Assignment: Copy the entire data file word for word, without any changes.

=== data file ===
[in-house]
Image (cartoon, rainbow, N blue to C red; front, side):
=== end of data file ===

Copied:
[in-house]
Image (cartoon, rainbow, N blue to C red; front, side):